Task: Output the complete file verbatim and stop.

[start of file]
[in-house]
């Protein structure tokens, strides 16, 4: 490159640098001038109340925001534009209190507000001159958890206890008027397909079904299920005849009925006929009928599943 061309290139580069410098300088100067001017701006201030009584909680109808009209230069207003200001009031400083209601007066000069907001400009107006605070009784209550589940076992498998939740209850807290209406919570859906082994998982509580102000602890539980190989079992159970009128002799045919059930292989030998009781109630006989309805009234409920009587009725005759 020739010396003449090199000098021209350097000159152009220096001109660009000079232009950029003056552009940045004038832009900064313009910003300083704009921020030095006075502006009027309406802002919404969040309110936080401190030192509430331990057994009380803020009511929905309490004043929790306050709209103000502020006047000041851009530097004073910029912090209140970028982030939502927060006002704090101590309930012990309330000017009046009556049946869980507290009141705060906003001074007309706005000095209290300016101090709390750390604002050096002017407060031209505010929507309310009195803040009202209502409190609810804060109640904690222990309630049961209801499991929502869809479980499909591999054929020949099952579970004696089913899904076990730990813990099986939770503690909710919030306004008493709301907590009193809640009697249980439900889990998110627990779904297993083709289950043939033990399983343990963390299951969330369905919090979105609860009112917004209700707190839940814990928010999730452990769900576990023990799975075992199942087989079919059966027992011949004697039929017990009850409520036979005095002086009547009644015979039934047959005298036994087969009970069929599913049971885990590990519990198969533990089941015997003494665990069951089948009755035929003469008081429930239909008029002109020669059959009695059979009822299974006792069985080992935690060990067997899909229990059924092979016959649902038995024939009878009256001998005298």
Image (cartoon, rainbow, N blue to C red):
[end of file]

[in-house]
């Protein structure tokens, strides 16, 4: 490159640098001038109340925001534009209190507000001159958890206890008027397909079904299920005849009925006929009928599943 061309290139580069410098300088100067001017701006201030009584909680109808009209230069207003200001009031400083209601007066000069907001400009107006605070009784209550589940076992498998939740209850807290209406919570859906082994998982509580102000602890539980190989079992159970009128002799045919059930292989030998009781109630006989309805009234409920009587009725005759 020739010396003449090199000098021209350097000159152009220096001109660009000079232009950029003056552009940045004038832009900064313009910003300083704009921020030095006075502006009027309406802002919404969040309110936080401190030192509430331990057994009380803020009511929905309490004043929790306050709209103000502020006047000041851009530097004073910029912090209140970028982030939502927060006002704090101590309930012990309330000017009046009556049946869980507290009141705060906003001074007309706005000095209290300016101090709390750390604002050096002017407060031209505010929507309310009195803040009202209502409190609810804060109640904690222990309630049961209801499991929502869809479980499909591999054929020949099952579970004696089913899904076990730990813990099986939770503690909710919030306004008493709301907590009193809640009697249980439900889990998110627990779904297993083709289950043939033990399983343990963390299951969330369905919090979105609860009112917004209700707190839940814990928010999730452990769900576990023990799975075992199942087989079919059966027992011949004697039929017990009850409520036979005095002086009547009644015979039934047959005298036994087969009970069929599913049971885990590990519990198969533990089941015997003494665990069951089948009755035929003469008081429930239909008029002109020669059959009695059979009822299974006792069985080992935690060990067997899909229990059924092979016959649902038995024939009878009256001998005298």
Image (cartoon, rainbow, N blue to C red):